Volume 54 | Number 4 | August 2019

Abstract List

Charleen Hsuan JD, PhD, Renee Y. Hsia M.D., M.Sc., Jill R. Horwitz, Ninez A. Ponce Ph.D., M.P.P., Thomas Rice, Jack Needleman


To examine whether hospitals are more likely to temporarily close their emergency departments (s) to ambulances (through ambulance diversions) if neighboring diverting hospitals are public vs private.

Data Sources/Study Setting

Ambulance diversion logs for California hospitals, discharge data, and hospital characteristics data from California's Office of Statewide Health Planning and Development and the American Hospital Association (2007).

Study Design

We match public and private (nonprofit or for‐profit) hospitals by distance and size. We use random‐effects models examining diversion probability and timing of private hospitals following diversions by neighboring public vs matched private hospitals.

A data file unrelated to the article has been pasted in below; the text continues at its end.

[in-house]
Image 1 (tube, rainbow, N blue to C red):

Data Collection/Extraction Methods


Principal Findings

Hospitals are 3.6 percent more likely to declare diversions if neighboring diverting hospitals are public vs private (<0.001). Hospitals declaring diversions have lower occupancy (<0.001) after neighboring public (vs private) hospitals divert. Hospitals have 4.2 percent shorter diversions if neighboring diverting hospitals are public vs private (<0.001). When the neighboring hospital ends its diversion first, hospitals terminate diversions 4.2 percent sooner if the neighboring hospital is public vs private (=0.022).


Sample hospitals respond differently to diversions by neighboring public (vs private) hospitals, suggesting that these hospitals might be strategically declaring ambulance diversions to avoid treating low‐paying patients served by public hospitals.